5 Surprising Losers of 2013
Lots of stocks are getting as hot as some of the temperatures we're seeing around the country, but there's still no shortage of disappointments. Despite the rallying exchanges, there are plenty of companies that have bucked the trend to sport double-digit percentage losses so far in 2013.
Some of the names may be surprising, so let's take a closer look at five of this year's most surprising sinkers.
Let's start with BlackBerry. The smartphone pioneer has had a rough run in recent years, but things seemed to be picking up as 2012 came to a close. The stock had nearly doubled after bottoming out in the mid-single digits late in the summer, and things got even better in January, when BlackBerry officially unveiled its updated mobile operating system.
Unfortunately, the devices running the ballyhooed BB10 platform failed to live up to the hype. BlackBerry wound up selling just 2.7 million BB10 smartphones in its latest quarter, and that's not good enough as it continues to yield market share.
Rackspace wasn't very popular at the time of its IPO. The Web-hosting speedster was hoping to price its shares as high as $17, settling for $12.50 and wrapping up its first day of trading at $10.01. It got worse. Six months later, Rackspace bottomed out at $4. The story got a lot better after that, as business picked up and a push to host cloud-based applications paid off. The stock went on to be a 20-bagger when it peaked late last year.
Things haven't played out so well in 2013, with the shares losing more than 40% of their value. After back-to-back quarterly disappointments and weak guidance as cutthroat competition pressures pricing, Rackspace has been hit hard -- yet it's still trading at more than 50 times next year's earnings.
ZAGG makes third-party accessories for smartphones, tablets, and other consumer-electronics gadgetry. Its invisibleSHIELD -- a thin, protective film placed over touchscreens -- put it on the map, but ZAGG expanded beyond being a one-trick pony by moving into keyboard covers, chargers, and headphones.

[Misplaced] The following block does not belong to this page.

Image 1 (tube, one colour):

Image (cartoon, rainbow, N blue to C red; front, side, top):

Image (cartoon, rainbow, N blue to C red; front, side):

The stock was rocked in May after a dreadful quarter. ZAGG earned just half of what Wall Street was expecting, and sales fell 7%. Analysts were banking on 20% top-line growth. And just when it seemed as if things couldn't get any worse, ZAGG lowered its outlook again this past week.
Barrick Gold has shed more than half of its value this year. Gold stocks have gotten slammed in 2013, and gold prices have posted a double-digit percentage decline, frustrating asset allocators who figured buying into the yellow metal would offset some of the inflationary pressures and hedge against geopolitical uncertainties.
However, Barrick's been hit harder than its peers after the development of its Pascua-Lama Project in Chile was suspended this year, with environmental concerns blocking the proposed mining. Class action lawsuits have started piling up since then, accusing Barrick of making misleading statements and concealing information.
Finally, Ebix has been dogged by bearish attacks for its accounting practices for some time, but the fast-growing insurance software provider seemed to be getting the last laugh back in April, when a Goldman Sachs affiliate offered to cash investors out at $20 a share. The $820 million deal seemed to justify Ebix's accounting, but the love didn't last.
The buyer walked away after a U.S. criminal probe into Ebix's accounting practices was initiated last month. Ouch.
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The article 5 Surprising Losers of 2013 originally appeared on Fool.com.Rick Munarriz owns shares of Ebix. The Motley Fool recommends Goldman Sachs and Rackspace Hosting. Try any of our Foolish newsletter services free for 30 days. We Fools don't all hold the same opinions, but we all believe that considering a diverse range of insights makes us better investors. The Motley Fool has a disclosure policy.
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